In the early 1990s I read the late Henri Nouwen’s book, The Road to Daybreak, his account of leaving the prestige and comfort of Harvard University to join L’Arche Daybreak, a ministry serving severely mentally challenged adults in Toronto, Canada. This new ministry was part of a network of L’Arche homes begun by Jean Vanier in 1965 in Trosly-Breuil, France.
L’Arche, in French, means “the ark,” and the image is of Noah’s boat of safety and salvation. As I read about L’Arche and Jean Vanier, my heart was opened to ministry “to the least of these.” Now, for the second time, I’m reading Vanier’s book, From Brokenness to Community.
Nouwen’s faith journey in The Road to Daybreak is a book to which I return periodically. It moved me so deeply when I first read it that I ordered copies for my then teenage children.
Nouwen died in 1996. Vanier died on May 7, 2019. But the impact of both continues through their ministries and writings.
I think of these faith heroes as I ponder the IPHC’s core value of justice. Nouwen and Vanier had a keen understanding of “the poor” that arose from their ministry with mentally challenged men and women.
From Brokenness to Community is a book taken from Vanier’s 1988 lectures at Harvard Divinity School. It describes aspects of Christian community that challenge my sometimes-idealistic views.
Vanier wrote: “Jesus calls his friends into community with others who have been chosen for the same path. This is when all the problems begin! We see the disciples squabbling among themselves, wondering who is the greatest, the most important among them! Community is a wonderful place, it is life-giving; but it is also a place of pain because it is a place of truth and of growth – the revelation of our pride, our fear, and our brokenness.”
In his Harvard lectures, Vanier described his call to ministry in 1964, when he took two mentally disabled men, Raphael and Philip, from an asylum and provided a real home and constant care for them. He described what he learned: “When I had begun living with them, I soon started to discover the immense pain in their hearts. When we talk of the poor, or of announcing the good news to the poor, we should never idealize the poor. Poor people are hurt; they are in pain. They can be very angry, in revolt or in depression.”
Vanier gave almost his entire adult life to those living in the margins of life. In fact, we usually find ways to put such people totally out of sight—even farther away than the margins! But Vanier found them hidden in institutional shadows and brought them into the margins where they could be loved and served. He saw that these people could become instruments of Christ’s grace. In the last years of his life, Nouwen took the same path to the margins.
There are different kinds of poverty. Besides those who are poor due to disabilities, there are those Jesus called “the poor in spirit” (Matthew 5:3). There are also the poor who lack food and other provisions.
The law of Moses instructed those with much to insure the poor could gather grain and other food supplies around the edges of fields (see Exodus 23:11; Leviticus 19:10; 23:22). Their efforts to gather for themselves was a way of providing the dignity of work.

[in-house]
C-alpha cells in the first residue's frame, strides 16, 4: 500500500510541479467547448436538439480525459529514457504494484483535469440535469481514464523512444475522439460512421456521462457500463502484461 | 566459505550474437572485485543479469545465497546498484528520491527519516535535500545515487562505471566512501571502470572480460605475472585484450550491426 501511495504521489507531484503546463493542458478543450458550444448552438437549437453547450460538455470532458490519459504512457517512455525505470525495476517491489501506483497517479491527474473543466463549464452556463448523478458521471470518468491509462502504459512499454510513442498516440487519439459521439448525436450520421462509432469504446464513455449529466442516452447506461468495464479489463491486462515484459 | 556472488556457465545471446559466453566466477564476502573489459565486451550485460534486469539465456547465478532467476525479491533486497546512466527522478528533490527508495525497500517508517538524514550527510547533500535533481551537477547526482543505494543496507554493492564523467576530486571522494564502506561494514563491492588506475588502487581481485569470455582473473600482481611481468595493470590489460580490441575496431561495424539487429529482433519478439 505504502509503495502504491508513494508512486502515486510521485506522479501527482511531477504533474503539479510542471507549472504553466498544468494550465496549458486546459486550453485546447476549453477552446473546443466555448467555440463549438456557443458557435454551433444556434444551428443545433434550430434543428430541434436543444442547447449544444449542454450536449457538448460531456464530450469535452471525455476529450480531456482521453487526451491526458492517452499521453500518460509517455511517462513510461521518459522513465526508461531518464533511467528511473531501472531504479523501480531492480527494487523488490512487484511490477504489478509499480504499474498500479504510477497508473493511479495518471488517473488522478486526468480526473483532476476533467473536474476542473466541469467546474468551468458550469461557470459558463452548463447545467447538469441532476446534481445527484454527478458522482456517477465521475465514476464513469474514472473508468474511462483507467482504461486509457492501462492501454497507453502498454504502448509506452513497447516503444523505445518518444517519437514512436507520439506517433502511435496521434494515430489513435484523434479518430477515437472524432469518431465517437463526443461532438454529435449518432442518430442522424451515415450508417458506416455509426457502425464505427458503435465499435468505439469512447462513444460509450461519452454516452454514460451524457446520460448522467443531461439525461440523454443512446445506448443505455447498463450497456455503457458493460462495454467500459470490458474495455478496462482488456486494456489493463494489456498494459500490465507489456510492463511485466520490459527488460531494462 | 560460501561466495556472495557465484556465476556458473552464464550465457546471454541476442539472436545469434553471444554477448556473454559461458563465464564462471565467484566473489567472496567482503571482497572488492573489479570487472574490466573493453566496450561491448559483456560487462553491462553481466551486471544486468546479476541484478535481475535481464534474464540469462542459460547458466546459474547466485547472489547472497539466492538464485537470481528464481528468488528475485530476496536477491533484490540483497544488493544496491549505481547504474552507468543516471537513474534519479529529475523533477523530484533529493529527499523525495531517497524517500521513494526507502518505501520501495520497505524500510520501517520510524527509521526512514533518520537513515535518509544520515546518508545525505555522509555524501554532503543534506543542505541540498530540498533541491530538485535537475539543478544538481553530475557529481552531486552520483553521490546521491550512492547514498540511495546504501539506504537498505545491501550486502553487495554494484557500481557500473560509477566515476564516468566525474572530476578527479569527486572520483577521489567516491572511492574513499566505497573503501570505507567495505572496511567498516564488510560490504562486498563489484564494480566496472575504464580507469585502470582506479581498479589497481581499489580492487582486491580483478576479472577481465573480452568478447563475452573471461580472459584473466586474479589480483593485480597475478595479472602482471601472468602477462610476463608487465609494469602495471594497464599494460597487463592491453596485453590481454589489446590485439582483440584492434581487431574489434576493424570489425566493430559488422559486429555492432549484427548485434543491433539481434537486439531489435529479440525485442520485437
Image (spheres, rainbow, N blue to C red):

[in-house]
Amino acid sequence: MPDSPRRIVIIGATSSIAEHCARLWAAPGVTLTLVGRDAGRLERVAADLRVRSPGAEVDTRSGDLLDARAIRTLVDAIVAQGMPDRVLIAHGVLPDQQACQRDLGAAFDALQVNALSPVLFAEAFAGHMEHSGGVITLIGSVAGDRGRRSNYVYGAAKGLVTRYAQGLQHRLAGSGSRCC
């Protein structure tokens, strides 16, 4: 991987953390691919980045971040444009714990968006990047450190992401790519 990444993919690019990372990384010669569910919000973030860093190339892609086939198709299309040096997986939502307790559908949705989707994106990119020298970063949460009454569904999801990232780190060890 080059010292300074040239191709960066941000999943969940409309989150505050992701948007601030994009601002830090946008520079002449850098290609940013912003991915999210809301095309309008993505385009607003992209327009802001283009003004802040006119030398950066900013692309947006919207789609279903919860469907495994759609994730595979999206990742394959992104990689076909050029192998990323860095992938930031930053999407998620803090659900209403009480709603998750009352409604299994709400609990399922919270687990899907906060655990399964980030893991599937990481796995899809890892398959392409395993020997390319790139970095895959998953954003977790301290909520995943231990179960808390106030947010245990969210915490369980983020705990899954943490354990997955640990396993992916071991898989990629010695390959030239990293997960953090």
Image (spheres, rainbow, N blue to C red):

There are also the poor who are homeless and live on the streets (see Luke 14:21; 16:20). There are those who are oppressed and persecuted, and become poor refugees (see Psalm 12:5; 109:16; Proverbs 14:31). And yes, there are those who become poor through their foolishness (see Proverbs 10:4; 21:17).
In the gospels, Jesus made numerous references to the poor. The songs of praise at Jesus’ birth expressed hope and deliverance for the poor and lowly (Luke 1:52, 53). Though Jesus was not destitute and had resources from several sources, He accepted the “poverty” of our fallen humanity when He stepped into this earth in the Incarnation. And, the Bible says, “though He was rich, yet for your sakes He became poor, that you through His poverty might become rich” (2 Corinthians 8:9).
Christian communities are to be places where social status, wealth and prestige are not used to differentiate people by worldly categories of worth or importance (see James 2:1-9). The members of the church at Laodicea believed themselves to be rich, wealthy and in need of nothing, yet they were actually “wretched, miserable, poor, blind, and naked” (Revelation 3:17).
Care for the poor is never easy, whether the poor lack the basic needs of this life—shelter, food, clothing, and protection—or they are the proud, self-sufficient people who don’t realize how desperately poor they really are. As Vanier understood, disillusionment, disappointment, anger, resentment and a host of other responses quickly eliminate the not so subtle self-congratulations of our efforts to help.
As followers of Jesus seeking to be messengers of reconciliation, we must not be naïve or discouraged when we work with the poor. We must persevere, ever recognizing that our often-loving efforts of generosity and compassion are often rejected, ridiculed and even squandered.
May God raise up new “kingdom outposts” of faithful servants in the IPHC who will move among those living in the margins. May our presence in this world bring grace, patience, and lovingkindness.
This article was originally published in the Encourage magazine.